Spending on forest activities fell by €10.7m in 2020
Cork and Kerry saw highest planting rates last year
1 July 2021 | 0
In 2020, spending on forest activities decreased by €10.7 million on the previous year, according to the Department of Agriculture, Food and the Marine’s latest annual Forest Statistics Report.
A total of €79.2 million was spent on forest activities last year. This includes afforestation, maintenance grants, annual premium payments, and grants for forest road infrastructure. According to the report, the substantially lower figure was due in part to reduced afforestation levels and the payment of forest premium.
The annual Forest Statistics Report includes information on all aspects of the forest sector in Ireland including planting rates, species composition, harvesting, carbon sequestration, forest health, employment, recreation, and comparisons with our European and global counterparts.
In the latest report, it was revealed that 2,434ha of new forests were created in 2020. This equates to just 30% of the government’s annual planting target of 8,000ha. Cork had the highest afforestation area at 293ha in 2020, followed by Kerry with 289ha.
Conifer species are the dominant species nationally, representing 71% of forest area. Broadleaved species accounted for 29%. The proportion of broadleaves in new forests created during 2020 is 34%, an increase of 9% over the area established in 2019.
Native Woodlands established as part of the afforestation scheme in 2020 represented 19% of the total area, an increase of 10% over the area established in 2019.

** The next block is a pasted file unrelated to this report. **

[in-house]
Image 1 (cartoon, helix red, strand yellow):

The report also noted that 50% of forests are in public ownership, with the remainder in private ownership. Farmers have accounted for 81% of private lands afforested between 1980 and 2020.
It also highlighted that in 2020, nearly 100km of private forest roads were funded. This reflects the projected increase in timber and wood to be harvested, which is expected to double by 2030.
In 2020, total expenditure was €79.2 million. The report said this figure includes afforestation grants, annual premium payments and grants for forest road infrastructure.
Further, it touched on the environmental impact Ireland’s forests have. Forests and forest products play an important role in mitigating climate change by sequestering and storing atmospheric carbon dioxide. In 2019, Ireland’s forests removed close to 5 million tonnes of carbon dioxide.
Launching the report, Minister of State at the Department Agriculture, Food and the Marine, Pippa Hackett said: “As I engage with all stakeholders on the commitments in the Programme for Government and Project Woodland, it’s important to have reliable statistics to chart the progress of implementation. ‘Forest Statistics – Ireland 2021’ is a compilation of statistics on the forest estate and the forest industry in Ireland. It is the definitive compendium of up-to-date information on forestry in Ireland and is the go-to reference document for anybody interested in the subject. The information in the annual report demonstrates the government’s ongoing commitment to forestry.
“The decreasing trend in the area being afforested annually is something that needs to be addressed,” continued Minister Hackett. “New forestry is essential to meeting not only our economic objectives but also our climate change targets and our aims in terms of enhancing biodiversity. The vital importance of forestry to deliver on society’s needs is well understood and the need to unlock this value into the future is clear. Therefore, the immediate priority is to address the current licencing difficulties and deliver on the objectives of set-out in Project Woodland.”
“My department is also examining ways of promoting tree planting on farms on a smaller scale than our existing afforestation schemes for inclusion in the next CAP under agri-environment schemes. The primary aim of these measures is to promote and enhance biodiversity, by protecting important environmental resources and generating carbon sinks”.
The Forest Statistics – Ireland 2021 report is available on the department’s website.